Massively Overthinking: Are there any ‘blue oceans’ left in the MMO market?

    
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Level Up Labs’ Lars Doucet recently penned a blog post practically begging people not to try to compete with ROBLOX by remaking it as ROBLOX-but-with-one-special-thing, like better graphics or higher maturity. I’m glossing over a really detailed article here, but that’s because I want to get to the part that sparked my attention: the part where Doucet suggests pivoting to a “blue ocean strategy” instead. The phrase comes from a 2004 book that encourages entrepreneurs to create demand in untapped spaces rather than try to fight over heavily contested zero-sum game markets.

That’s what I want to talk about in this week’s Massively Overthinking. The MMO market is absolutely stuffed full of games that are basically some other game but with a twist. We don’t call them WoW clones for nothing, after all. But the most successful MMOs from the last decade don’t really have all that much in common with WoW. They have a lot more than a twist, and in some cases, they’re going after new types of gamers who might never have considered an MMORPG before.

Are there any “blue oceans” left in the MMO market? What are the untapped spaces, ideas, and playerbases where upcoming games could really make a mark?

Andrew Ross (@dengarsw): Yeesh, where to start! I’m obviously biased, but MMOARGs are practically none. Most are IP-based, few are worth your time unless you enjoy advertising. Part of this, in my opinion, is because doing something highly combat-based is just a bad idea, as it makes people stand still or (with some companies) act in weird ways that could get them in trouble with local law enforcement. As most games are about combat, clearly few devs have the imagination to create something in this field.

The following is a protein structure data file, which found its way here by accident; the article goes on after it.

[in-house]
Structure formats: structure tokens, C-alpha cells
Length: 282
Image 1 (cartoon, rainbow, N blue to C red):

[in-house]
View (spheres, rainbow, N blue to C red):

VR is quite similar, except that it also has the burden of a higher cost of entry plus risks of motion sickness. But damn, we could probably have an Animal Crossing-like MMO. There are tons of virtual chatrooms, but none that I can think of where we can go fishing or catch bugs while NPCs look on, hoping we give/sell them our hauls. The best chatrooms do have interactive set pieces, but often lack polish and allow for all kinds of immersion-breaking craziness. Please, deformed Sonic, don’t stand so close to me.

But I think you can do combat in VR better too, and without making everyone run around all swords and wizardry like. Experiences like Star Trek: Bridge Crew or the multiperson ships in Elite: Dangerous immediately come to mind, but so does Sea of Thieves to a degree (though all that running around and being on a ship probably isn’t good for a VR game looking to avoid motion sickness). Fantasy isn’t going to give you anything smooth to ride in, especially as a group, but sci-fi will. Even in non-VR, this kind of play is uncommon, which is why the loss of Star Wars Galaxies still hurts and people still support Star Citizen. You don’t even need to do space, necessarily. One of my favorite VR games is The Time Machine, where you play a kind of virtual prehistoric animal biologist.